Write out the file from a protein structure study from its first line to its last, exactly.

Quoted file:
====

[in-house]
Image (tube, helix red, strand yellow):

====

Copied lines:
[in-house]
Image (tube, helix red, strand yellow):